Our July 2020 release was focused on improving our users ability to filter. In this release we have added new endpoints and new filtering capabilities in order to navigate our sneaker data easier.

What’s new in the July 2020 release

Here is what we have added since the last time you heard from us:

  • Brands Endpoint – Prior to this release, we noticed that our users were limited on how they could build filtering components in their application. To help ease that pain point we have implemented a brands endpoint that returns every brand currently available in our database.
  • Genders Endpoint – To go along with the brands endpoint, we have added a genders endpoint. This endpoint exposes every gender available in our database.
  • Additional Filter Operations – Last month we enabled >= and <= comparison operations. This month we have enabled > and < comparison operations.
  • Additional Parameter – We have included a new “shoe” parameter which allows you to search by silhouettes (e.g. Jordan 1 Retro High). We now are returning the shoe and name parameters in our response.
  • Sorting – Building a sneaker website using our data? Are you looking to sort sneakers by a field other than release date? Now you can, with our new sort query parameter.
  • Multi-value Parameters – Until now you could only specify a single value for each parameter. Beginning with this release, we are able to handle multiple values for searchable parameters.

To learn more about our API, check out our swagger documentation.

New Endpoints

To get the list of brands and genders within our database simply submit a get request to their respective endpoints listed below.

  • https://api.thesneakerdatabase.com/v1/brands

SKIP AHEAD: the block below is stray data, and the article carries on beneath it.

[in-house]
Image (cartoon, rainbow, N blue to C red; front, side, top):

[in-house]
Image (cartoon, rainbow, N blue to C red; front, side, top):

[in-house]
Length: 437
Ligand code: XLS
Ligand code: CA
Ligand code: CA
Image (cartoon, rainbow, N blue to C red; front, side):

• https://api.thesneakerdatabase.com/v1/genders

Additional Comparison Operators

As of this release the following operations are available:

  • lt – less than
  • gt – greater than
  • lte – less than or equal to
  • gte – greater than or equal to
  • lte – less than or equal to

If you aren’t familiar with our comparison operator syntax, please check out our date filtering blog post.


Our newly unveiled sorting functionality has a syntax similar to our comparison operators. To specify a field to sort your results, set the sort parameter with the name of the field and the order for which you would like to sort. Order can be ascending or descending. When the sort parameter is not provided,  the default sort order is descending by release date. Be aware that sort order is ignored when searching by name.

The following request will return all vans sneakers by retail price in descending order. Please notice the “:” between the sort field and the sort order.


To sort in ascending order replace “desc” with “asc”.


Sort order is ignored when searching by name, as our interest is returning the most relevant sneakers first.

https://api.thesneakerdatabase.com/v1/sneakers?limit=10&brand=vans&sort=retailPrice:desc&name=fear of god

The query above uses the name parameter, therefore results will be returned in order of relevance rather than by retail price.

We welcome your input

We will continue to grow the dataset that powers our Sneaker Database API. If we are missing data that is needed for your solution, please do not hesitate to contact us. We are always looking for ways to make our data more robust so that you can spend more time developing your solution.

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